No escape? The co-ordination problem in heritage preservation
AbstractConservation areas (CAs) are among the most restrictive English planning policies. Designation implies a significant limitation of owners’ control over the shape and appearance of their properties. The policy, however, can also be argued to solve a sort of ‘prisoners’ dilemma’, in which it might be collectively rationale to preserve the character of an area, but an individual homeowner may be tempted to inappropriately alter their property, thus free-riding on nearby properties’ character. The net-benefit of the policy depends largely on the existence of positive ‘heritage effects’ and acknowledgement from homeowners that policy contributes to neighbourhood stability and the preservation of these positive effects. Our results of a mixed-method analysis of close to 1 million property transactions near to about 8000 CAs and 111 interviews with residents in nine representative CAs in Greater London suggest that positive heritage externalities exist and that residents in CAs tend to value their local environments, acknowledge the need for planning control and execute their right to object to neighbour’s planning request.
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Bibliographic InfoPaper provided by London School of Economics and Political Science, LSE Library in its series LSE Research Online Documents on Economics with number 53936.
Length: 38 pages
Date of creation: Oct 2013
Date of revision:
designation; England; heritage; property value; prisoner’s dilemma;
Other versions of this item:
- Gabriel M. Ahlfeldt & Nancy Holman, 2013. "No Escape? The Co-ordination Problem in Heritage Preservation," SERC Discussion Papers 0145, Spatial Economics Research Centre, LSE.
- C7 - Mathematical and Quantitative Methods - - Game Theory and Bargaining Theory
- D23 - Microeconomics - - Production and Organizations - - - Organizational Behavior; Transaction Costs; Property Rights
- R52 - Urban, Rural, Regional, Real Estate, and Transportation Economics - - Regional Government Analysis - - - Land Use and Other Regulations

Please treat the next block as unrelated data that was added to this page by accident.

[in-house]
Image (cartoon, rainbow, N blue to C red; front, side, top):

Please report citation or reference errors to , or , if you are the registered author of the cited work, log in to your RePEc Author Service profile, click on "citations" and make appropriate adjustments.:
- Gabriel Ahlfeldt, 2011. "If Alonso Was Right: Modeling Accessibility And Explaining The Residential Land Gradient," Journal of Regional Science, Wiley Blackwell, vol. 51(2), pages 318-338, 05.
- Gabriel Ahlfeldt & Kristoffer MÃ¶ller & Sevrin Waights & Nicolai Wendland, 2012.
"On prisoner's dilemmas and gilded cages: The economics of heritage preservation,"
ERSA conference papers
ersa12p783, European Regional Science Association.
- Gabriel M. Ahlfeldt & Kristoffer Möller & Sevrin Waights & Nicolai Wendland, 2014. "Game of Zones: The Political Economy of Conservation Areas," CESifo Working Paper Series 4755, CESifo Group Munich.
- Gabriel Ahlfeldt & Kristoffer Moeller & Sevrin Waights & Nicolai Wendland, 2013. "The economics of conservation area designation," ERSA conference papers ersa13p87, European Regional Science Association.
- Gabriel M. Ahlfeldt & Kristoffer Moeller & Sevrin Waights & Nicolai Wendland, 2013. "Game of Zones: The Economics of Conservation Areas," SERC Discussion Papers 0143, Spatial Economics Research Centre, LSE.
- Richter, Felix & Ahlfeldt, Gabriel & Maennig, Wolfgang, 2013.
"Urban renewal after the Berlin Wall,"
Annual Conference 2013 (Duesseldorf): Competition Policy and Regulation in a Global Economic Order
79789, Verein für Socialpolitik / German Economic Association.
- Gabriel Ahlfeldt & Wolfgang Maennig & Felix J. Richter, 2013. "Urban Renewal after the Berlin Wall," CESifo Working Paper Series 4506, CESifo Group Munich.
- Gabriel M. Ahfeldt & Wolfgang Maennig & Felix J. Richter, 2013. "Urban Renewal after the Berlin Wall," SERC Discussion Papers 0151, Spatial Economics Research Centre, LSE.
- Gabriel M. Ahlfeldt & Wolfgang Maennig & Felix J. Richter, 2013. "Urban Renewal after the Berlin Wall," Working Papers 049, Chair for Economic Policy, University of Hamburg.
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